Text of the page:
Interestingly, the chart states that day and night are not of equal length on the equator, which you may find counter intuitive. Selecting a few sites on the equator at random and checking their sunrise and sunset times confirms that daylight always exceeds night by about seven minutes – why is this so? (Check the internet or drop me a line at the address at the end of these viewing notes if you can’t come to grips with this).
Mars continues its leisurely stroll towards the horizon; it has lingered in the west for months and will do so for a few months to come, not dipping below the sunset horizon until late July. March will be its last full month clear of evening twilight, as it will begin setting in twilight early next month (on the 5th).
On March 1st, Mars is at an altitude of 19° at sunset and sets just shy of 1¾ hours after the Sun, 9:44 pm as against 8:00 pm. Its increasing distance from Earth causes its 94% illuminated disk to appear very small, spanning just 4.6"; it is still fairly conspicuous thanks to its ruddy glow and relative brightness in a portion of sky lacking stars bright enough to rival it, shining at magnitude 1.30.
Come our viewing night of the 25th, setting time is in to 8:55 pm, now just over 1½ hours after sunset (7:24 pm), when it stood 16° above the horizon; the disk now shows a 96% phase, spans 4.3" and shines at magnitude 1.43. Here’s where it sits, at an altitude of just 5¼°, at 8:24 pm, one hour after sunset. Expect to see no detail on the Martian disk; it’s far too small.
By the end of the month, Mars’ circumstances have further deteriorated, albeit slightly: it sets just under 1½ hours after the Sun – 8:44 pm vs 7:15 pm – and is 15° above the sunset horizon; the span of its disk is down to 4.2", still 96% illuminated, and brightness has decreased marginally to magnitude 1.46.
The Red Planet transitions from Pisces into Aries, where it sees out the month, on the 9th.
The King of the Planets is now well established in our evening skies, rising before the cessation of evening twilight after the first week of March. On the 1st, the King rises at 9:41 pm, just ten minutes after the sky fully darkens, and transits at 4:06 am (on the morning of the 2nd); its 42.2" disk shines at magnitude -2.33.
By the 25th, only two weeks short of opposition, the planet is becoming ever more viewer friendly, rising at 8:01 pm, well over ¾ hour before twilight finishes, and subsequently transiting at 2:23 am; span and brightness have also improved, to 43.9" and magnitude -2.44. Jupiter itself is easy to identify as, with Venus out of the picture, it is by far the brightest point of light in the sky. Here’s a magnified view of Jupiter and its four Galilean Moons at 11pm, with the planet having attained an altitude of 34° in the ENE.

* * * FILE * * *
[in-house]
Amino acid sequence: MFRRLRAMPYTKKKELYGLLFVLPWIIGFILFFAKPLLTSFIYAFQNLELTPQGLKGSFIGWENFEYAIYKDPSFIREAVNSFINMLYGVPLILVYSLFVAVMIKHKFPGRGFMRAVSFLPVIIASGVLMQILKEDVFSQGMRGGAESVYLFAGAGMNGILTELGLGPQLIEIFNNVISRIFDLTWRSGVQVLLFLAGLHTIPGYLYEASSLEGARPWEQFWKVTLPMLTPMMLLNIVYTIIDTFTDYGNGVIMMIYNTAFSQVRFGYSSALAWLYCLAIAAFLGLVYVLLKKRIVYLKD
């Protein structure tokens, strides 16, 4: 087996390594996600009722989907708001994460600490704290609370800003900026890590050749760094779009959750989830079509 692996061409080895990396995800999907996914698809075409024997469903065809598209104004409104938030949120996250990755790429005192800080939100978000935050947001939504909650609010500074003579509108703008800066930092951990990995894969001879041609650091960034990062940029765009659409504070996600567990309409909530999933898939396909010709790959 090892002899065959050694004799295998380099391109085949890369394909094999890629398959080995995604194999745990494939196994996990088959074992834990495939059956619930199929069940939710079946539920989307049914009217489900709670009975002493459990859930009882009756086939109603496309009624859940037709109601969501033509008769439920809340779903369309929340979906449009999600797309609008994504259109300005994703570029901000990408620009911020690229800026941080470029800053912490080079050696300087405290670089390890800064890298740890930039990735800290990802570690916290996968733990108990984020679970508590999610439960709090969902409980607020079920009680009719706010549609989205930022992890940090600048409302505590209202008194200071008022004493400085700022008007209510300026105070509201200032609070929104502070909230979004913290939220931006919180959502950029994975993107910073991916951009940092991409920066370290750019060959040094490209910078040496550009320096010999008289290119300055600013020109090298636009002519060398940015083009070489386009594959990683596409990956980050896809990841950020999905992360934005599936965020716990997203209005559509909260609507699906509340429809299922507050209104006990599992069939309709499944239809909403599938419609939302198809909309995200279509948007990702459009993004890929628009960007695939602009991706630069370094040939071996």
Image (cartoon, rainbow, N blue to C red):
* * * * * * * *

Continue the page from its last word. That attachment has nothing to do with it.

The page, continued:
All four moons – Europa, magnitude 5.5, Io, mag 5.3, Ganymede, mag 4.85 and Callisto, mag 5.9 – are moving away from Jupiter, Europa to the east and the other three to the west; Callisto is nearing its greatest angular separation west. No stars in the field covered by the chart can be mistaken for the Jovian moons – the star just to Jupiter’s lower left, TYC4964-597-1 is brighter by far than any other, and shines faintly, at magnitude 11.5.
At month’s end, Jupiter’s rise time has further improved, to 7:36 pm, and it’s 13° clear of the horizon when twilight fades at 8:43 pm; the span of its disk has improved a touch, to 44.1", as has its brightness, to magnitude -2.45.
Jupiter will remain within the constellation of Virgo until November.
Saturn and its beautiful ring system begin their transition from morning to evening skies this month, rising before midnight on and after the 20th (it actually rises twice on the 20th – at 12:04 am, just after midnight, and again just under 24 hours later, at 11:59:50 pm, mere seconds before the calendar clicks over to the 21st). As March begins, the Ringed Wonder rises at 1:15 am. Its disk spans 16.2", the visually stunning ring system 36.7" at an inclination of 26.54°; disk and rings together shine at magnitude 0.51.
Saturn is at western quadrature on the 18th, when the Sun-Earth-Saturn angle is 90°, as shown in the following depiction taken from the excellent publication Astronomy Australia 2017; it is at this time that Saturn’s disk throws its greatest shadow on the back of the ring system.
This illustration, variations of which are often carried on astronomical sites and publications, can be misleading to the uninitiated. To interpret it correctly, first of all appreciate that the diagram shows the solar system from a point in space north of the Sun, and that all the planets revolve in an anticlockwise direction from this perspective.
Therefore, the inner planets, which zip around faster than us, are moving anticlockwise in relation to Earth, but we are leaving the slower outer planets behind as we orbit, so they are effectively moving clockwise in relation to us.
Consequently, the order of events shown on the diagram for the inner planets should be read anticlockwise, but those for the outer planets clockwise. Thus Venus and Mercury are at greatest eastern elongation, then inferior conjunction, then greatest western elongation, then superior conjunction, while the outer planets are at western quadrature, then opposition, then eastern quadrature, then conjunction.